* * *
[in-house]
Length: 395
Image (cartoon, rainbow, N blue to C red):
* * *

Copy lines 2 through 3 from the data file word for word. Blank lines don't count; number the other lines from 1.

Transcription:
Length: 395
Image (cartoon, rainbow, N blue to C red):